Saturday, April 16, 2011
MLB Draft Prospect Scouting Report: Matt Barnes
Team: UConn Huskies
Position: Right Handed Pitcher
One of the more talked about arms in the upcoming MLB Draft, Matt Barnes has a chance to be one of the first 10 players selected in early June. Barnes is the first amateur player I’ve ever scouted and it is very different to watch college baseball than it is to watch pro, because the players mostly suck, even at the Division 1 level.
Fastball- Barnes throws hard. His 4-seam fastball sits between 92-94mph touching 96 here and there. He also has a 2-seamer that comes in between 89-91mph with noticeable arm-side run. He seemed to like to use that to back-door right handed hitters. He maintains this velocity throughout the game thanks to his lanky, 6’4” frame. While the raw velocity is there the command is not. Barnes was pitching from behind in the count almost incessantly on Friday, as he was unable to throw strike 1. He also refused to challenge hitters inside with the heater, a product of two variables. First, UConn coaches call the pitches, not the battery, so Barnes was at the mercy of the coaches. Second, college pitchers are averse to pitching inside because aluminum bats tend to do more damage with those than wood ones do.
Curveball- A dirty upper 70s curve with 11-7 break, it is Barnes’ best pitch and he knows how to use it. Whether burying it in 2-strike counts, running it away from righties to gets swings and misses, back-dooring it to lefties or even throwing it early in counts to get ahead, Barnes seemed very comfortable using it.
Slider/Cutter- Yuck. In the low 80s, Barnes’ Slitter (hmm…not sure if I like that) is not good. It was so bad that I had trouble recognizing what the hell it was. If you want to pitch at the top of a big league rotation, you need at least 3 viable pitches. The way Barnes develops this (or a changeup, as I’d prefer) is of paramount importance to his future.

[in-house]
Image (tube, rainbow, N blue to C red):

Mechanics- Barnes does not repeat his delivery well. I noticed several times his front foot landing in different places in different directions. These inconsistencies are the likely cause of his control issues. Barnes is only 20 and it’s possible he hasn’t fully grown into his 6’4” frame to a point where he has acute control of his extremities. It’s also possible his legs are just weak, tire easily and his delivery gets sloppy as a result. Video and reports on Barnes tend to note he misses up. More often for the start I saw, he was missing away. The arm action is not violent enough to be concerned about, nor is it effortless enough to fawn over.
Whatever team drafts Barnes will have some work to do, but his combination of velocity, pro-ready curveball, size to handle starter workload and bit of projectability won’t let him drop past Milwaukee at #15 overall.